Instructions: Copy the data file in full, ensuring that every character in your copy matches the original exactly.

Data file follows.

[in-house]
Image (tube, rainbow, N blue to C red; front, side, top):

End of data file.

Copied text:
[in-house]
Image (tube, rainbow, N blue to C red; front, side, top):